The aesthetics of eating Fried Chicken dictate that one pick it up with ones hands, and that it be on the bone.
AHAHAHA! I knew something like this was coming!
1. And thou shalt putteth thy chicken wing in the flour and shake thrice. Thou shalt not shake once, nor twice, nor four times...
What I appreciate about Alton's way of cooking is how he approaches a problem. It's very similar to the way I solve quandaries. Act, assess, modify, act. I keep an open mind and don't limit my options. The only thing on my "no-no" list is using heavily processed ingredients as shortcuts. I like everything to be from scratch (I actually felt uneasy scooping refined crisco out into the pan... I would have preferred lard). I'm not afraid to mess-up, so it's part of the fun coming out with something that looks like a meteor and saying, "What the $%#@ happened?!"
I've been training myself with french techniques over the past few years, and I've definetly ingrained those techniques and thought processes into my approach to cooking. The other thing is that I've been cooking out of the CIA textbook which is really designed for commerical applications, so much of my planning/mise en place has started to revolve around "Ok, how do I prepare this so that it can be 90% finished and then expedited at will?". I try to ignore that little voice, but sometimes it sneaks back in...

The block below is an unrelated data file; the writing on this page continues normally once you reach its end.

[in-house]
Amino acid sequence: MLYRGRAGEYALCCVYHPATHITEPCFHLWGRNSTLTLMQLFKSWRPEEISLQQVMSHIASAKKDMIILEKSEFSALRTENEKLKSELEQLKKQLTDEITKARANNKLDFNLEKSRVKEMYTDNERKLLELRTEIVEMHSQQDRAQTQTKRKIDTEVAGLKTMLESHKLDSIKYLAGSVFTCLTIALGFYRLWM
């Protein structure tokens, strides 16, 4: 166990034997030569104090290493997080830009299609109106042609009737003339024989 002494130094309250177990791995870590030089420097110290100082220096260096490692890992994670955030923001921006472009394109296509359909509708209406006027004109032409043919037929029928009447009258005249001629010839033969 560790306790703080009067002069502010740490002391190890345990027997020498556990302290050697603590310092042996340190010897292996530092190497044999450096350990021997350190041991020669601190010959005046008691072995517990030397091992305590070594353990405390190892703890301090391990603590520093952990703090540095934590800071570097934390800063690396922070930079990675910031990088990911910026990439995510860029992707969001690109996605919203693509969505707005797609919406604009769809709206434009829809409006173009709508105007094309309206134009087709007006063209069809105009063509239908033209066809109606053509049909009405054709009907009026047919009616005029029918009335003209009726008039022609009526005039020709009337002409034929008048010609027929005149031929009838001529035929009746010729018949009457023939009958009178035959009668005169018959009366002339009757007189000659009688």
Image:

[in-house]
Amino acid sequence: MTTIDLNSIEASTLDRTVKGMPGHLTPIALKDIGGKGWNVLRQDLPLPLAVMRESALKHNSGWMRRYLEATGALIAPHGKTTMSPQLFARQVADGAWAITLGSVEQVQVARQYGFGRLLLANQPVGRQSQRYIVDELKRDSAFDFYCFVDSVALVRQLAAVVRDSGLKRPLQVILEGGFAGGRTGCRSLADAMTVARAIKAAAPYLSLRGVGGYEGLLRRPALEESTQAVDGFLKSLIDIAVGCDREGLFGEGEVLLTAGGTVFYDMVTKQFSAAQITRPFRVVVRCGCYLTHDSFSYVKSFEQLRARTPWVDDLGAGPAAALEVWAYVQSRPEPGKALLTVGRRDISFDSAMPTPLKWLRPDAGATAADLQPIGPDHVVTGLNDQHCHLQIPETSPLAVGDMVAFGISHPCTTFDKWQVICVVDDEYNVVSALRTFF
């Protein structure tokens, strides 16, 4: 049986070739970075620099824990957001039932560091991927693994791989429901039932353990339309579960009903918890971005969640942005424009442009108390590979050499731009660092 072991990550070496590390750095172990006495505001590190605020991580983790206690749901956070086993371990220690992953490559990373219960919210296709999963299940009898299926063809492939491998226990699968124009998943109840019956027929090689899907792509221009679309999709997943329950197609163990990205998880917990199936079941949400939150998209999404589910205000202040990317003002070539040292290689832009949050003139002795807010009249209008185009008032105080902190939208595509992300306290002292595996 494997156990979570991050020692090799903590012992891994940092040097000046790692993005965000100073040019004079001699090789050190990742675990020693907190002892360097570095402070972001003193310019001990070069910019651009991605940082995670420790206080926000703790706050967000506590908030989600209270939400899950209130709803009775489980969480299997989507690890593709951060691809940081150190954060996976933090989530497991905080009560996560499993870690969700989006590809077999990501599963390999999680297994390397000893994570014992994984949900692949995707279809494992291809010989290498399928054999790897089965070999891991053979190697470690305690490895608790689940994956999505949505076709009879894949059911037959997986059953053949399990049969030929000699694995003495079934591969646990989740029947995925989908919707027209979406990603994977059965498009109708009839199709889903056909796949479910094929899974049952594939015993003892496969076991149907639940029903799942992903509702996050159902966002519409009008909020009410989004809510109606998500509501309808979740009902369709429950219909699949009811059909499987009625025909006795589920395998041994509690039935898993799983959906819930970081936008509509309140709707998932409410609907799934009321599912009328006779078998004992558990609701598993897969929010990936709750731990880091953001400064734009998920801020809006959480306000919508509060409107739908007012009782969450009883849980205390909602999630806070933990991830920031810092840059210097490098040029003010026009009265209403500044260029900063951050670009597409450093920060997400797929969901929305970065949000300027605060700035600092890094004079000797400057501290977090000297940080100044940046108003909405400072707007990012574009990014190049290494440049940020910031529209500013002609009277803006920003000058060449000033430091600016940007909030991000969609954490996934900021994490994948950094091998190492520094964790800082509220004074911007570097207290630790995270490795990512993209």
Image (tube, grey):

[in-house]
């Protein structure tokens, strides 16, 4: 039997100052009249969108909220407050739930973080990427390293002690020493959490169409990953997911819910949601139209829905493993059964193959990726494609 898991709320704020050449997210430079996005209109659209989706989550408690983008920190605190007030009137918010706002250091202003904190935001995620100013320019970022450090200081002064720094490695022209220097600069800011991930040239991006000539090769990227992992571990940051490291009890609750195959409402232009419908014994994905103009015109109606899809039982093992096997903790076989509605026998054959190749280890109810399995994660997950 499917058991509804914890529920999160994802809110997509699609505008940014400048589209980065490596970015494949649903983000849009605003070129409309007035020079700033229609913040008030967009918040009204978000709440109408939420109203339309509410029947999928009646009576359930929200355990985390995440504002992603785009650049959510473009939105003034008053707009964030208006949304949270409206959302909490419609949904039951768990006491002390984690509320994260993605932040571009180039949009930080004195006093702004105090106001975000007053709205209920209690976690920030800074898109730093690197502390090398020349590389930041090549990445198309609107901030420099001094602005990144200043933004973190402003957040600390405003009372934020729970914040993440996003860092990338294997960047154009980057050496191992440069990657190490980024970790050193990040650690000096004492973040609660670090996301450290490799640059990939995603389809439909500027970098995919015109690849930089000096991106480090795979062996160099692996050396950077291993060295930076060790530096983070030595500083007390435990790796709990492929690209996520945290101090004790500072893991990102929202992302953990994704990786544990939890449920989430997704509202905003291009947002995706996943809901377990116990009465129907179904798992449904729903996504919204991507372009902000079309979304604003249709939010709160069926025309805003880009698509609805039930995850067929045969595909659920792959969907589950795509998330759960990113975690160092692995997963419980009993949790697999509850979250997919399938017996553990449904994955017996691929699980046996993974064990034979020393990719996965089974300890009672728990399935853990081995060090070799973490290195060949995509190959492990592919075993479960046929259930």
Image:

Actually it's a great way to cook at home too, because it makes weekday meals extremely easy to whip out, and when entertaining I'm not going a mile a minute all evening in my kitchen.
Anyhoo, I'm rambling now. Gotta' break down that chicken and get it into the buttermilk for tomorrow...
I really appreciate all these opinions though. It really helps me with the whole process!
Oh - Alton Brown did graduate from The New England Culinary Institute, so he certainly does have real experience cooking in good commerical restaurants. It's a 2yr full-time program quite similar to the CIA's. Believe it or not it's actually even more expensive than the CIA with even smaller class-sizes from what I hear.
Seven S - I'm giving the deep fryer method a try tomorrow! I'm going to try both boneless and bone-in pieces, as well as buttermilk marinated and unmarinated pieces. If I don't like it I will be heading back to the big-ole Lodge skillet with Crisco/Lard.
jennyema - White sauce is definetly one of my favorites, both veloute and bechamel. I make thin versions for quick trashcan stews, medium viscosity versions for gravy, and thick versions for casserole bases. Often I blend the two using both stock and milk which provides a really rich flavor and mouthfeel. I believe I read somewhere that a real
bechamel is actually a veloute that is enriched with heavy cream, but that most restuarants just use all milk. Indeed I think both stock and milk used together yield the best result (personal opinion of course).